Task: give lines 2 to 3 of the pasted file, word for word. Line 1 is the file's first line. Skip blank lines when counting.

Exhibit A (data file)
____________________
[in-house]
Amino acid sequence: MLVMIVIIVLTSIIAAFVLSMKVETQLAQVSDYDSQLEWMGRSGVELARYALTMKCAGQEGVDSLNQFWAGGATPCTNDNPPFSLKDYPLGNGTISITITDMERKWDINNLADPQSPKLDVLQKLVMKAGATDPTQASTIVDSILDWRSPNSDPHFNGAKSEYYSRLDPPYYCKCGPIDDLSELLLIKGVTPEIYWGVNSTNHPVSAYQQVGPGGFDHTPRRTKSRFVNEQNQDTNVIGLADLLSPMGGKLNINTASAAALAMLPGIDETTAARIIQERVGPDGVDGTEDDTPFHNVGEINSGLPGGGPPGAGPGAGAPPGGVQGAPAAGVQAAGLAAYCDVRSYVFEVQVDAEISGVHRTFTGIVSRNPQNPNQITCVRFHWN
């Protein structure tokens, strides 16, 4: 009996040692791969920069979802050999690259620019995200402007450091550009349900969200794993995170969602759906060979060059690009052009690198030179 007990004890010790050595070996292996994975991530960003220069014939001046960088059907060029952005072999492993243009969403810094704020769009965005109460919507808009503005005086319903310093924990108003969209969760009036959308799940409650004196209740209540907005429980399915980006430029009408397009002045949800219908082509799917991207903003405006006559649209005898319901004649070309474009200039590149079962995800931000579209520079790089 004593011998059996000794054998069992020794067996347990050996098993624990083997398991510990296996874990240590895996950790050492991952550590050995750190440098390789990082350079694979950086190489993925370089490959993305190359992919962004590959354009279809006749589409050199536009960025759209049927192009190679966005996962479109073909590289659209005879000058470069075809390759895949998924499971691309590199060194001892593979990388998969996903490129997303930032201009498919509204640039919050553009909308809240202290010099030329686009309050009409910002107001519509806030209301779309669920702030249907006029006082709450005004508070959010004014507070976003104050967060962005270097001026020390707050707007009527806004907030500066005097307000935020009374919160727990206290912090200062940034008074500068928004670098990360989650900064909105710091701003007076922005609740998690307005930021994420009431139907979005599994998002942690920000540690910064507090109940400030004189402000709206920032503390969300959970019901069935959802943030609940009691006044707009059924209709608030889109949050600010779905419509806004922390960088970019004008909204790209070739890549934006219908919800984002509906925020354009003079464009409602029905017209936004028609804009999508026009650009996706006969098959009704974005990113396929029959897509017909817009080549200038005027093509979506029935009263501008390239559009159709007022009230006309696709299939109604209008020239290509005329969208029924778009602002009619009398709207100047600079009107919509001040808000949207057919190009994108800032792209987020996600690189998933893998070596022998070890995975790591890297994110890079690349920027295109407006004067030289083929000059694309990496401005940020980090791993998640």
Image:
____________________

Amino acid sequence: MLVMIVIIVLTSIIAAFVLSMKVETQLAQVSDYDSQLEWMGRSGVELARYALTMKCAGQEGVDSLNQFWAGGATPCTNDNPPFSLKDYPLGNGTISITITDMERKWDINNLADPQSPKLDVLQKLVMKAGATDPTQASTIVDSILDWRSPNSDPHFNGAKSEYYSRLDPPYYCKCGPIDDLSELLLIKGVTPEIYWGVNSTNHPVSAYQQVGPGGFDHTPRRTKSRFVNEQNQDTNVIGLADLLSPMGGKLNINTASAAALAMLPGIDETTAARIIQERVGPDGVDGTEDDTPFHNVGEINSGLPGGGPPGAGPGAGAPPGGVQGAPAAGVQAAGLAAYCDVRSYVFEVQVDAEISGVHRTFTGIVSRNPQNPNQITCVRFHWN
């Protein structure tokens, strides 16, 4: 009996040692791969920069979802050999690259620019995200402007450091550009349900969200794993995170969602759906060979060059690009052009690198030179 007990004890010790050595070996292996994975991530960003220069014939001046960088059907060029952005072999492993243009969403810094704020769009965005109460919507808009503005005086319903310093924990108003969209969760009036959308799940409650004196209740209540907005429980399915980006430029009408397009002045949800219908082509799917991207903003405006006559649209005898319901004649070309474009200039590149079962995800931000579209520079790089 004593011998059996000794054998069992020794067996347990050996098993624990083997398991510990296996874990240590895996950790050492991952550590050995750190440098390789990082350079694979950086190489993925370089490959993305190359992919962004590959354009279809006749589409050199536009960025759209049927192009190679966005996962479109073909590289659209005879000058470069075809390759895949998924499971691309590199060194001892593979990388998969996903490129997303930032201009498919509204640039919050553009909308809240202290010099030329686009309050009409910002107001519509806030209301779309669920702030249907006029006082709450005004508070959010004014507070976003104050967060962005270097001026020390707050707007009527806004907030500066005097307000935020009374919160727990206290912090200062940034008074500068928004670098990360989650900064909105710091701003007076922005609740998690307005930021994420009431139907979005599994998002942690920000540690910064507090109940400030004189402000709206920032503390969300959970019901069935959802943030609940009691006044707009059924209709608030889109949050600010779905419509806004922390960088970019004008909204790209070739890549934006219908919800984002509906925020354009003079464009409602029905017209936004028609804009999508026009650009996706006969098959009704974005990113396929029959897509017909817009080549200038005027093509979506029935009263501008390239559009159709007022009230006309696709299939109604209008020239290509005329969208029924778009602002009619009398709207100047600079009107919509001040808000949207057919190009994108800032792209987020996600690189998933893998070596022998070890995975790591890297994110890079690349920027295109407006004067030289083929000059694309990496401005940020980090791993998640």